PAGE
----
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Study finds women have an easier time making the short list

A study done by Harvard researcher Hiscox has looked at how likely a job application is to make the ‘short list’ of applicants. What they found may be quite surprising to those who have bought into the feminist narrative of a world stacked against women: in fact, applications with women’s names were more likely to make the short list!

http://www.abc.net.au/news/2017-06-30/bilnd-recruitment-trial-to-improve-gender-equality-failing-study/8664888

They tested what would happen if all references to gender and ethnicity were removed from job applications. From the article:

“We anticipated this would have a positive impact on diversity — making it more likely that female candidates and those from ethnic minorities are selected for the shortlist,” he said.

“We found the opposite, that de-identifying candidates reduced the likelihood of women being selected for the shortlist.”

The trial found assigning a male name to a candidate made them 3.2 per cent less likely to get a job interview.

Adding a woman’s name to a CV made the candidate 2.9 per cent more likely to get a foot in the door.

“We should hit pause and be very cautious about introducing this as a way of improving diversity, as it can have the opposite effect,” Professor Hiscox said.

Now, this suggests that 1. Women actually have an advantage in making the short list (although not necessarily getting jobs), and 2. for Hiscox, diversity is actually about making more women be hired, not about fair hiring processes. After all, if the hiring process were fair, we would only be concerned about the merits of the application, so whether this improved the chances of hiring women or not would be irrelevant. But Hiscox has declared that gender-blind applications go against diversity. It is clear, then, that for Hiscox and those who think like him, diversity really just means fewer men.

The Sanders strategy?

A lot of people on the real liberal left have been concerned about Bernie Sanders. The nature of this concern is basically ‘Why the hell is Sanders still going around with the Dems, and why won’t he help start a new major party, with the #DraftBernie movement?’ And some people are feeling like he’s betrayed the movement he inspired.

Now, when it comes to Bernie pushing the crazy Russian narrative, I agree he’s absolutely wrong. And he’s done a couple other things with which I really have to disagree. However, in terms of his strategy, I do have a suggestion for what he might be doing.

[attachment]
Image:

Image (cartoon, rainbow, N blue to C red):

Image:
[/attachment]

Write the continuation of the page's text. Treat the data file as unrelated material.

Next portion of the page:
See, in his time as an independent senator for Vermont, he has always worked with the Democrats, even though he’s more liberal than they are. They even had him on important committees. And right now, he is still in a position to influence them. So right now, he has leverage over the Dems, and they have leverage over him.

See, by continuing to publicly appear with them, he’s able to threaten them with stopping this if they try to cut his influence in the senate. Likewise, he may fear losing what influence he has, should he actively support the formation of a third party. There is, therefore, a sort of stalemate between them: they definitely need him, and he feels he needs them in order to retain influence in the senate (although he may also sincerely believe they are a lesser evil to the GOP, which may affect his wish to keep helping them).

My suggestion, therefore, is to work on the third party without him, but don’t be surprised if he joins it or even tries to run for president on it, should we succeed in getting the third party to be large enough by 2020.

And, should this theory be wrong, establishing the third party will need to happen without Bernie’s help. So either way, we need to focus on making the third party work.

‘Whiteness:’ a veiled racist remark

There is a tendency nowadays to speak about ‘whiteness’ as opposed to ‘white people.’ In short, the term is intended to suggest that people of European descent have an inherent culture of supremacy, and to tacitly suggest that these are inherent and essential aspects of being white. After all, ‘whiteness’ certainly sounds like something essential about being white. It is not a phrase like ‘white supremacy’ that adds something to being white. It is just the noun form of the adjective ‘white.’ (As I cannot find out what this process is really called, I shall refer to it as ‘nounification.’ This is unquestionably better than the real term for it anyway).

So why would I label this a racist remark? Well, the thing is, we could do the same thing with anyone: find examples of a culture, ethnicity, or race’s worst exemplars in the past, stereotype them, and apply it to the whole race. But if that race were any but white, we would be called racist for it, so why should there be a difference for white people? Let us try a few here. Keep in mind, these are not accurate portrayals of members of these groups, but stereotypes based on the worst examples among them:

‘Arabness:’ Misogyny, Arab superiority, enslaving Africans (which is still going on today in Libya, and previously the last Arab slave port in Africa did not close until 1946!), imperialism (the islamic empires which sought to conquer North Africa, Asia, and Europe).